How is Soil pH Determined?
The most common technique for determining pH is with a pH meter, using glass and reference electrodes. Before electronic devices were available, color indicators were used. These were dyes which changed color at certain pH values. Kits containing mixed indicator dyes are still available. The degree of accuracy varies but most are not as accurate as pH meters, especially for soil.
The pH in a soil sample will vary, depending on handling and sample preparation. It would be best to determine soil pH within the range of moisture content found in the field. This is not possible with current pH meters. With laboratory pH meters, the standard ratio of soil:water used is 1:1. The soil pH tends to increase as the ratio of soil:water goes to 1:5. Two probable reasons for this are: 1) H+ ions in solution are diluted as the amount of water increases; and 2) basic ions, such as calcium and magnesium, increase in the solution, which tends to increase the amount of OH- ion according to Equation 7:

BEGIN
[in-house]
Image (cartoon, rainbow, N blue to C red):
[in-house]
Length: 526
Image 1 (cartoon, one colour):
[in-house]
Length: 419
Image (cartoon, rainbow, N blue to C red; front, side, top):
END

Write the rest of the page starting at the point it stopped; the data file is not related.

CaCO3 + ~2HOH <--> H2CO3 + Ca++ + 2OH– (7)
As shown in Equation 7, calcium hydroxide Ca(OH)2 is a stronger base than H2CO3 (carbonic acid) is acid; therefore, there will be more OH- so the pH will increase.